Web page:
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WWW 2 Fighter Planes Index



Picture of Hawker Hurricane Mk IIc WW2 Fighter

The prototype Hurricane, designed by Hawker's Chief Designer Sydney Camm, first flew in on 6th November 1935 and went into service two years later as RAF's first monoplane fighter, it has never had the same romance or glamour as associated with the Spitfire, unfair really as it was this rugged RR Merlin powered fighter that really won the Battle of Britain (July to October 1940). 1,720 Hawker Hurricanes took part in the Battle of Britain and claimed 80% of all enemy aircraft shot down by Fighter Command's aircraft in this life or death struggle.

Hawker Hurricane Mk IIc Fighter Plane


The Hawker Hurricane MkI hade been powered by a relatively old single-speed supercharged Merlin design, during 1940 the new Merlin XX (Mk.20) engine went into production, if incorporated a new two-speed supercharger, which could have its impeller-speed ratio changed by the pilot in response to the ambient air pressure, this resulted in an improved power to altitude performance curve, Hawker Hurricanes fitted with the new Merlin XX engines were designated Hawker Hurricane Mk II's fighters.

Hawker Hurricane MkII's had various changes made to their wings dependent on the role and environment they were to be used in, the Mk 2A had 8 machine guns, the Mk 2B had 12 machine guns, the Mk 2C had four 20mm Hispano cannon and two under wing 225kg bombs, the Mk 2D had twin 40mm Vickers anti-tank cannon, eventually a universal wing version was introduced, the Hawker Hurricane MkIV.

Hawker Hurricane Mk IIc Specifications:

  • Crew: Pilot only
  • Length: 32 ft 3 in (9.84 m)
  • Wingspan: 40 ft 0 in (12.19 m)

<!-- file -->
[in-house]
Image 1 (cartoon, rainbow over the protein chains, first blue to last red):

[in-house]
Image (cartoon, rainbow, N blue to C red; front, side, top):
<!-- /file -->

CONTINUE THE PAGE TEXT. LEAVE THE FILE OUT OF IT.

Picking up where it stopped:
• Height: 13 ft 1 in (4.0 m)
  • Empty weight: 5,745 lb (2,605 kg)
  • Loaded weight: 7,670 lb (3,480 kg)
  • Engine: Single 1,185 hp (883 kW)  Rolls-Royce Merlin XX liquid-cooled V-12
  • Maximum speed: 334 mph (505 km/h) at 21,500 ft (5,400 m)
  • Range: 600 miles (965 km)
  • Service ceiling: 36,000 ft (10,970 m)

Hawker Hurricane IIC Armament:

  • 4 20 mm Hispano Mk II cannon
  • 2 500 lb bombs or 2 250 lb bombs

There were 14,533 Hurricanes built, 4,700 examples being Mk IIc's like the aircraft pictured above, PZ865, which was the last Hawker Hurricane built, this Mk IIc rolled off the production line at Langley, Buckinghamshire, in the summer of 1944 inscribed on both sides of the fuselage 'The Last of the Many', appropriate for the aircraft flown by so many of 'the few'. The aircraft was mothballed by Hawkers until used as a company test aircraft. In 1950, registered as G-AMAU, HRH Princess Margaret entered PZ865 in the Kings Cup Air Race, Piloted by Group Captain Peter Townsend, where it obtained second place.

WW2 fighter aces who flew Hurricane's to victory include these pilots (victories only whilst flying Hurricanes)

American pilots:

  • Lance Wade (11 aircraft)
  • Australian pilots:

  • Leslie Clisby (16 aircraft)
  • Richard Cullen (9 aircraft)
  • British pilots:

  • Frank Carey (28 aircraft)
  • James Lacey (23 aircraft)
  • Geoffrey Allard (23 aircraft)
  • Thomas Dalton-Morgan (22 aircraft)
  • Michael Crossley (22 aircraft)
  • William David (20 aircraft)
  • Herbert Hallowes (20 aircraft)
  • Archie McKellar (20 aircraft)
  • Roy Dutton (19 aircraft)
  • Alfred Marshall (19 aircraft)
  • Ernest Mason (18 aircraft)
  • Thomas Neil (17 aircraft)
  • Reginald Llewellyn (16 aircraft)
  • Count Manfred Czernin (15 aircraft)
  • Newell Orton (15 aircraft)
  • James Storrar (15 aircraft)
    The Last of the Many
  • Christopher Currant (15 aircraft)
  • Alfred Marshall (15 aircraft)
  • John Kilmartin (14 aircraft)
  • James MacLachlan (13 aircraft)
  • Robert Stanford Tuck (12 aircraft)
  • Douglas Bader (11 aircraft)
  • Canadian pilots:

  • Mark Brown (18 aircraft)
  • William McKnight (16 aircraft)
  • Vernon Woodward (15 aircraft)
    BMF Hawker Hurricane Mk II Fighter

    Czech pilots:

  • Karel Kuttelwascher (18 aircraft)
  • Jozef Frantisek (17 aircraft)
  • New Zealand pilots:

  • Edgar Kane (17 aircraft)
  • South African pilots:

  • Marmaduke Pattle (26 aircraft)
  • Albert Lewis (18 aircraft)

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